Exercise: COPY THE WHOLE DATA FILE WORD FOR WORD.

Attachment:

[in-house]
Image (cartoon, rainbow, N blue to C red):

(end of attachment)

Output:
[in-house]
Image (cartoon, rainbow, N blue to C red):